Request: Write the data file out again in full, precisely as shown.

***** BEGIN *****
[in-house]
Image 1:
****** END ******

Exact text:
[in-house]
Image 1: